• Wealth Management

Don’t Give Up on Emerging Markets

Even though investing in developing countries hasn’t paid off this year, there may well be upside ahead.

So far, 2018 has been a challenging year for emerging markets. In 2017, emerging market stocks gained more than 30%, but they are now 10% below where they peaked in late January. In contrast, developed markets have recovered most of their losses from February and March’s selloff.

However, just because emerging markets have failed to rebound, doesn’t mean they won’t. Below are six reasons I think investors should stay in emerging markets:

  • Global growth remains robust. Rates of growth have slowed from their best levels in the first quarter, but the current pace of activity is still pointing to near double-digit annual gains in corporate profits.
  • The dollar is unlikely to keep rising. I believe that the U.S. dollar has reached a top for this cycle and could enter a multi-year bear market due to growing U.S. deficits and inflationary pressures.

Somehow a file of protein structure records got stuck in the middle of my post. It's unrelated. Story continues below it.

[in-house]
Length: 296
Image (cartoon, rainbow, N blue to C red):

• Commodities prices are going up. Emerging market returns usually correlate with commodity prices. That hasn’t happened this year, mainly because of surprising dollar strength, but I expect commodities and emerging markets to start trading more in sync as the dollar weakens.
  • Capital spending is strong. S&P 500 companies are continuing to spend on capital projects. That tends to benefit emerging markets, which often supply parts and raw materials for those projects.
  • China-U.S. trade conflicts could be a benefit. Long-term, no country wins from trade wars, but in the short-to-intermediate term, emerging markets could get a boost from any potential escalation in trade conflicts between the U.S. and China.

Of course, some headwinds to emerging market growth remain and there are country-specific risks in places like Argentina and Turkey. Investors will likely continue to wring their hands over the recent resurgence of the U.S. dollar, potential peaking of global economic momentum, slowing in China and the implications of escalating trade wars. In addition, the recent memory of an emerging market rout following the 2014-2015 episode of rapid US dollar appreciation and crashing oil prices may continue to cause concern.

Bottom Line: I don’t suggest investors overemphasize emerging markets. But don’t avoid these regions either. You could miss out on a potential rebound.

Ready to invest in what matters to you?